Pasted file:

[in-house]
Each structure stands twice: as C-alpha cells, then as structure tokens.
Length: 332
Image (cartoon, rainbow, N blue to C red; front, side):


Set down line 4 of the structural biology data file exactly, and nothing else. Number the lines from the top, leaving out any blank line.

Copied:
Image (cartoon, rainbow, N blue to C red; front, side):